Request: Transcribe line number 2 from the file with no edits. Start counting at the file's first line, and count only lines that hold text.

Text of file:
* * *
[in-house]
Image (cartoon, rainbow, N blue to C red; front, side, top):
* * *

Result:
Image (cartoon, rainbow, N blue to C red; front, side, top):